Stand up for the facts!
Misinformation isn't going away just because it's a new year. Support trusted, factual information with a tax deductible contribution to PolitiFact.
I would like to contribute
In a free-for-all Republican debate in Houston, Texas Sen. Ted Cruz attacked frontrunner Donald Trump for his position on health care.
"For decades, Donald has been advocating socialized medicine," Cruz said. "What he said is the government should pay for everyone’s health care. And in fact, a couple of debates ago, he said if you don’t support socialized health care, you’re heartless."
Did Trump actually say that about socialized medicine? In a Republican debate?
We looked at the transcripts going back a couple of months to the debate in Las Vegas on Dec. 15, 2015. We found Trump never used those words, nor anything close to them.
There was an exchange in the Feb. 6 debate in Manchester, N.H., when socialized medicine came up, but it didn’t happen the way Cruz said.
A question from panelist Mary Katherine Ham started the exchange.
Ham: "Mr. Trump, you have said you want to repeal Obamacare. You have also said, quote, ‘Everybody’s got to be covered,’ adding, quote, ‘The government’s going to pay for it.’ Are you closer to Bernie Sanders’ vision for health care than Hillary Clinton’s?"
Trump: "I don’t think I am. I think I’m closer to common sense. We are going to repeal Obamacare. We’re going to repeal Obamacare. We are going to replace Obamacare with something so much better."
Trump talked with ABC moderator Martha Raddatz at the same debate about increasing competition among private insurance companies and he praised health savings accounts. He finished his answer this way:
Trump: "What I do say is, there will be a certain number of people that will be on the street dying and as a Republican, I don’t want that to happen. We’re going to take care of people that are dying on the street because there will be a group of people that are not going to be able to even think in terms of private or anything else, and we’re going to take care of those people.
"And I think everybody on this stage would have to agree, you’re not going to let people die, sitting in the middle of a street in any city in this country."
Raddatz: "Sen. Cruz, to that point, Mr. Trump has said that your position on health care means that maybe you’ve got, quote, ‘no heart.’ There is a question here, though, about uncovered folks. You suggested repealing and replacing Obamacare. As we learned with President Obama’s broken promise that everyone could keep their plan, any major plan — change in health care policy carries with it the risk that some people will lose their insurance coverage or have to change it. How do you reassure that those people that repealing and replacing Obamacare is still in their best interest?"
Cruz: "Well, let me take two different parts of that. Let me start with socialized medicine. Socialized medicine is a disaster. It does not work. If you look at the countries that have imposed socialized medicine, that have put the government in charge of providing medicine, what inevitably happens is rationing."
For the record, in the Dec. 15, 2015, debate, Trump called the country’s health care a "disaster. In the Jan. 14, 2016, debate, Trump said, "Our health care is a horror show. Obamacare, we’re going to repeal it and replace it."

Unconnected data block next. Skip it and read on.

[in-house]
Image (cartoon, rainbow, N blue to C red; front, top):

Cruz also asserted that Trump had said the government should pay for everyone’s health care.
We asked the Cruz campaign for their sources and didn’t hear back. But in an interview on CBS News’ 60 Minutes in September 2015, Trump did say, "Everybody's got to be covered."
However, in context he was talking about people who don’t make enough money to pay for insurance. Asked what he would do and who would pay, Trump said, "I would make a deal with existing hospitals to take care of people (and) the government's gonna pay for it."
It’s clear from the full interview that Trump did not say that the government should pay for everyone’s health care. He made that point again in an interview with George Stephanopoulos on Jan. 31, 2016, saying that Cruz’s attacks showed "maybe he’s got no heart."
Back in 1999, Trump did support a single-payer health care system for America. In his 2000 book The America We Deserve, he said, "We need, as a nation, to reexamine the single-payer plan, as many individual states are doing."
Trump does not hold that belief today.
Cruz said that Trump said in a recent debate that "if you don’t support socialized health care, you’re heartless." Trump did not say those words, or anything like them, in any recent debate.
He advanced the idea of more competition among private insurance companies, and he said that government should take care of those who can’t afford insurance.
While there was a time in the past when Trump supported a single-payer plan, there’s no substance to Cruz’s statement. We rate it Pants on Fire.
CNN, Republican presidential debate in Houston, Texas, Feb. 25, 2016
New York Times, Republican presidential debate in Las Vegas, Dec. 15, 2015
New York Times, Republican presidential debate in Charleston, South Carolina, Jan. 14, 2016
New York Times, Republican presidential debate in Des Moines, Iowa, Jan. 28, 2016
New York Times, Republican presidential debate in Manchester, N.H., Feb. 6, 2016
New York Times, Republican presidential debate in Greenville, S.C., Feb. 13, 2016
CBS News, 60 Minutes, Sept. 27, 2015
PolitiFact, Is Donald Trump still 'for single-payer' health care?, Aug. 2, 2015
Read About Our Process
In a world of wild talk and fake news, help us stand up for the facts.